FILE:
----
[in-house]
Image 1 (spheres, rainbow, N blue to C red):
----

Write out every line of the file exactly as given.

[in-house]
Image 1 (spheres, rainbow, N blue to C red):